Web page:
Regional Gardening Reports :: National Gardening Association

Northern & Central Midwest

March, 2006
Regional Report

Cut Back Ornamental Grasses

Cut back your ornamental grasses before the new growth even starts. Tie up the old stems and leaves with twine, about 6 inches above the crown and then again about a foot up. Cut them off with a saw, pruners, or a chainsaw. Simply toss the tied bundle at the curb for pick up or on the brush pile.

Trust Your Rain Gauge

Put out your rain gauge. Monitor every few days during the rainy season to make sure that your landscape receives at least an inch of water a week. If it doesn't, plan to irrigate. Put your gauge wherever you are sprinkling to make sure you get the amount of water you want.

Take Advantage of Local Seminars

Check out local garden centers for classes and seminars. Most schedule all types, from designing your landscape to selecting perennials to planting and caring for vegetables. Be sure to check out the "big box" stores as well because many of them also offer how-to classes. Best of all, most gardening workshops are free!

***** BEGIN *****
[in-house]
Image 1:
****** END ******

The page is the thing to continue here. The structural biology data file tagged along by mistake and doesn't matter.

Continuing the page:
Plant Annual Vines

Consider annual vines this year, for adding height and possibly screening. Purple hyacinth beans, moonflowers, scarlet runner beans, cardinal vines, and old fashioned sweet peas all have attractive flowers that are often fragrant. These vines are vigorous enough to cover a screen in a season and give color through all the way through fall.

Plan a Kitchen Garden

Incorporate salad greens and herbs into the regular vegetable garden or use them in the true cottage style by weaving them through perennial and annual beds. Containers next to the kitchen door make a beautiful statement, and it's super-convenient to step out and snip for dinner.


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